Earl Okin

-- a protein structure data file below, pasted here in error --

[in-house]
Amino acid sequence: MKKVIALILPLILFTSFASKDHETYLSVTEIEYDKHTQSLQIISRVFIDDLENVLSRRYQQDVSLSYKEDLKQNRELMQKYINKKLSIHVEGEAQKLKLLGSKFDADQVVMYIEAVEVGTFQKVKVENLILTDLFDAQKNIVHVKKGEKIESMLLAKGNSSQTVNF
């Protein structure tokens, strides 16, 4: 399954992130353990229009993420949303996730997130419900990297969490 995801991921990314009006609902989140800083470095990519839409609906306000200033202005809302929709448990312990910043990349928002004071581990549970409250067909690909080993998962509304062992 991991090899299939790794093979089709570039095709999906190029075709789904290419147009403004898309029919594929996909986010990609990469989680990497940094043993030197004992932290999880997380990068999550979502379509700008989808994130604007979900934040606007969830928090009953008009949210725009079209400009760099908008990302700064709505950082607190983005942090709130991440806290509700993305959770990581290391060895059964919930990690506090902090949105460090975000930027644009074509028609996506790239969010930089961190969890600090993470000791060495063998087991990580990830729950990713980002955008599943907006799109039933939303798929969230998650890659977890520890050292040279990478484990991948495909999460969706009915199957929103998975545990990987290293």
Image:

Earl Okin (b. 1947) is a London singer-songwriter, musician, and comedian with a long international career. Born on the 31st January 1947 in Carshalton, Surrey, he has lived in Notting Hill since he was five years old, holds a degree in Philosophy from the University of Kent at Canterbury (1968), and worked as a schoolmaster for eleven years before going full time. He was signed to the same company as The Beatles in 1966, and recorded his first single at Abbey Road in 1967. Some of his songs were covered during the 1960s by Cilla Black, Georgie Fame, and Helen Shapiro. During the 1970s, Okinl became a well-known name in folk clubs, but also started to perform as support act in large venues, beginning with folk acts such as Ralph McTell and Fairport Convention. He progressed to opening for such varied performers as Jean-Luc Ponty and Van Morrison. however, it was the 1979 tour with Paul McCartney and Wings which prompted him to go full time. He also began to perform in jazz festivals. In 1981, Okin appeared on The Parkinson Show and also, due to the comedy that he used in his folk-club act, was invited by Nigel Planer to perform at The Comic Strip comedy club. This led to his second career on the alternative comedy circuit, where he remains a headline act. However, his act continues to be a musical one. In 1983, he also began to perform at the Edinburgh Fringe where he performed over 500 shows but has never neglected either his songwriting or development as a jazz sin...

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